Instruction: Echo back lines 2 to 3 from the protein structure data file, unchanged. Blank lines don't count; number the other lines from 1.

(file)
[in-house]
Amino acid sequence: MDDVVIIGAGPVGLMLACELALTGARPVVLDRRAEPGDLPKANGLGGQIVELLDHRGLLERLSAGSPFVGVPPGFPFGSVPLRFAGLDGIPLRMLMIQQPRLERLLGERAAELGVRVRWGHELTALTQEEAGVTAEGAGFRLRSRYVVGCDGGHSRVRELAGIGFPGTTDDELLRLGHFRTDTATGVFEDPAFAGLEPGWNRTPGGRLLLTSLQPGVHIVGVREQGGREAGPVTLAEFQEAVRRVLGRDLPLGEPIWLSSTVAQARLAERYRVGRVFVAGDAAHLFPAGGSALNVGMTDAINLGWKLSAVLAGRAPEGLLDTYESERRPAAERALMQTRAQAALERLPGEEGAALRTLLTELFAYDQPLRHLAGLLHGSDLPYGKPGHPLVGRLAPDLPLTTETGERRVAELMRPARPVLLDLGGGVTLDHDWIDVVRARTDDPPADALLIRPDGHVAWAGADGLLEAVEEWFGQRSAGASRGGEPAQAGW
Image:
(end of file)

Amino acid sequence: MDDVVIIGAGPVGLMLACELALTGARPVVLDRRAEPGDLPKANGLGGQIVELLDHRGLLERLSAGSPFVGVPPGFPFGSVPLRFAGLDGIPLRMLMIQQPRLERLLGERAAELGVRVRWGHELTALTQEEAGVTAEGAGFRLRSRYVVGCDGGHSRVRELAGIGFPGTTDDELLRLGHFRTDTATGVFEDPAFAGLEPGWNRTPGGRLLLTSLQPGVHIVGVREQGGREAGPVTLAEFQEAVRRVLGRDLPLGEPIWLSSTVAQARLAERYRVGRVFVAGDAAHLFPAGGSALNVGMTDAINLGWKLSAVLAGRAPEGLLDTYESERRPAAERALMQTRAQAALERLPGEEGAALRTLLTELFAYDQPLRHLAGLLHGSDLPYGKPGHPLVGRLAPDLPLTTETGERRVAELMRPARPVLLDLGGGVTLDHDWIDVVRARTDDPPADALLIRPDGHVAWAGADGLLEAVEEWFGQRSAGASRGGEPAQAGW
Image: